The research presented by Gregg Halemba was conducted in four sites. Pima and Maricopa Counties were the focus and the research analyzed data from fiscal year 2002, which was gathered through the JOLTS (juvenile justice database) and the CHILD (CPS database) in addition to the review of case files by researches. The research findings confirmed that dependent youth on probation began their delinquent careers approximately one year sooner than those who did not have a history with the dependency system. Thus, resulting in being dually adjudicated into court systems that generally do not communicate with one another and may be counteracting what one another is trying to do. Additionally, the study found that dependent children spend more time on probation, experience frequent placement changes, poor outcomes of placement/probation, permanency outcomes at dependency petition closures are poor, and are in court frequently. Judge Escher and Pima County have established an effective multi-disciplinary team to tackle the issues identified by the research in an effort to improve the system, its outcomes, and better serve the youth involved in both systems by utilizing a four-area approach once a juvenile is identified.
This was done due to their progressive thinking and their ability to apply the research conducted in their jurisdiction in an effort to improve their system.
Recidivism is a factor that is frequently utilized to measure the effectiveness of interventions across systems. The research clearly illustrates that dually adjudicated youth are twice as likely to recidivate if referred for the first time on a delinquency charge. Also, 70% of dually adjudicated youth were unsuccessfully terminated from their probation. Based on case file reviews, a myriad of problems/needs were identified in juveniles involved in both systems. Not surprisingly, substance abuse and truancy issues were predominant amongst this population; followed by emotional/mental health issues and being on prescribed psychotropic medications. Additionally, family issues were identified through the case file reviews and the predominant family issue identified was parent alcohol and/or drug use followed by history of domestic violence. Obvious correlations exist between the juvenile and family needs identified in the case file reviews and that is substance abuse is at the heart of the majority of problems identified. Dually adjudicated females had a prevalence of problems/needs in the areas of substance abuse, suicidal ideations/attempts, history of being sexually abused, truancy, and academic deficiencies.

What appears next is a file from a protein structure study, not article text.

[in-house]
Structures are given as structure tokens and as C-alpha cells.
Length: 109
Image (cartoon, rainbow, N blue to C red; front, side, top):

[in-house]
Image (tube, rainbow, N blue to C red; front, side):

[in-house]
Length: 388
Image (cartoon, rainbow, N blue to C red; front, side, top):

Pima County analyzed their local jurisdictions data, established the role and responsibility of the juvenile court in dependency and delinquency proceedings. They further established a collaborative comprised of stakeholders who have responsibility for the dually adjudicated juveniles and established the means of reporting and sharing data. The goal of their initiative is to divert youth from the juvenile justice system to community services providers. The goal is to cooperatively change processes not merely add resources to a broken system of care. A work group was identified and the goal is to reduce penetration into the systems, to identify alternative structures for case management for the dually adjudicated youth and family, and increase behavioral health participation.
FOUR areas were identified as needed to enhance the collaboration between the systems. Those four areas include: Screening and Assessment, Case Assignment, Case Flow Management, Case Planning and Supervision, and Interagency Collaboration. It is very evident that Pima County utilized the research generated in their jurisdiction to motivate systems to come together in an effort to improve communication, service delivery, and outcomes for the dually adjudicated population. This is obviously being accomplished through strong leadership and committed personnel within the various systems that touch the lives of these needy children who are seeking to be noticed, appreciated and helped to overcome the adversity in their lives.